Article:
5 Ways Seniors Can Stay Active and Connected During Covid-19
By Jenny Hart
Staying active and connected to the people you love during COVID-19 is challenging and often stressful. Many seniors and caregivers are learning how to adjust to the new normal together. While it’s important to stay healthy and safe during a pandemic for people of any age, it’s especially important for those who are most vulnerable to the virus. This includes people ages 65 and older and those with compromised immune systems.
Luckily, senior care facilities are working hard to ensure their residents are safe and healthy. Consider these 5 ways to stay active and connected during COVID-19.
Use technology to stay connected while being socially distant
The Centers for Disease Control and Prevention (CDC) suggest remaining at least 6 feet away from other people to avoid spreading and contracting the virus, a practice known as social distancing. However, social distancing doesn’t mean social isolation. You can stay connected to your friends and family by using a myriad of technologies, which can help you combat feelings of loneliness, distress, or anxiety during this time.
Talk to your care facility about what technology is available to you, such as video conferencing and online chat platforms. Seeing your loved ones face-to-face can really make a difference when you start feeling isolated.
Take advantage of at-home health care options
Since COVID-19, many doctors’ offices have transitioned their services online or through telehealth technology. Whenever possible, take advantage of video appointments to meet with your doctor or have regular check-ups to avoid being exposed to the virus. If you do have to leave your house for an appointment, make sure you follow the CDC’s recommended hygiene practices.
You can also learn more about at-home treatment options by talking to your care team. If you have a chronic condition like kidney disease, for instance, there are options like home dialysis and coronavirus considerations that can ensure you receive excellent care in the safety and comfort of your own home.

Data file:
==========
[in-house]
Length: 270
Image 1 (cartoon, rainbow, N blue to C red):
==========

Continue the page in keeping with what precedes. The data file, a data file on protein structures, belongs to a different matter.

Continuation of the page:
Find new ways to move your body
Staying active is important for both your physical and mental health during events like COVID-19. Look for creative ways to get moving – take a walk around your care facility, or talk to your program leaders about activities that allow you to stay socially distant. There may be fitness classes available, or virtual activities that get your body moving.
Your health and wellness are still a priority during this time, so make sure you find ways to prioritize your wellbeing.
Start a club or group activity
Another way to stay connected with your friends during COVID-19 is by starting a club with your friends! Try a book club, a trivia club, or anything else you enjoy. You can meet virtually as often as you’d like, and have plenty of new activities to explore in between meetings.
Clubs or group activities are a great way to keep the conversation going over time when you otherwise don’t have anything new to report. It also gives you a reason to turn off the news, separate yourself from the state of the world, and indulge in meaningful activities and human interaction. Some senior centers and care facilities host regular clubs, trivia nights, or other events that can help encourage you to connect with one another and share your thoughts.
Learn a new skill
If you’re still looking for a way to stay connected during COVID-19, consider learning a new skill or exploring a new hobby. Now could be the perfect time to try your hand at cooking, or pottery, or other safe activities you haven’t been able to try in the past. Some care facilities are even bringing in instructors to teach classes or lessons. If there’s something you’d like to learn, talk to your caregiver to see what’s available.
Staying active and connected during COVID-19 is crucial to your health and wellbeing, so make sure you are voicing your needs and communicating with your care team about what is best for you.
Jenny Hart is a health and wellness writer with a passion for travel, cycling, and books. Her focus is topics related to the effects of aging on health and she is interested in research that can help people age better. When she isn’t writing or traveling, she’s traversing NYC with her two dogs Poochie and Ramone.